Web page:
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What can you infer about the influence of mythology on the English language?

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March 14, 2011 2:25PM

Answer

Think for a sec... the only 'history-books' that existed before

paper were stories. Eventually, paper was invented, and of course,

these stories were written onto paper. After the books had been

read so much, parts of it slowly became part of literature, and

when traders from these countries traveled to England with their

language and spoke it in bars and on docks and ships, it slowly

crept into the English language.

Answer

The first answer addresses the 'how', but what I can infer

about this influence? That language evolves over time, like a

snowball rolling down a hill. It starts with a ball formed by

gathering snow and bits of artifact from the place that it's

formed. As it rolls down the hill, it picks up more snow and

whatever artifacts (pine needles, bits of grass or weeds, seeds,

stones, etc.) it encounters along its path. As it gets heavier and

the terrain changes, chunks of snow with accompanying artifacts get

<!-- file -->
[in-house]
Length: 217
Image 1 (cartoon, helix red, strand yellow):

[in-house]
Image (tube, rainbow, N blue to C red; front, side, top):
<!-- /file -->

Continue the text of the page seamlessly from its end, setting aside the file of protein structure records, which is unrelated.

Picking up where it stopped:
knocked off while new is being added. Perhaps a chunk or two will

start a new snowball rolling down a different path or just lands in

that spot. Eventually it comes to rest with all of it bits and

pieces.

Language travels from generation to generation and from place to

place. At the time the language and its contemporaries were written

down and passed around, the ancient mythologies were dominant

features of those societies. Each society that the English language

has passed through adds words and references of their culture and

society. This is why we don't speak the language of Julius Caesar

or even Shakespeare. Consider all of the technology based words and

terms that have come into common use that didn't exist when I

learned English in school in the 1950s. I didn't even have to

google (use a search engine) to add this answer.


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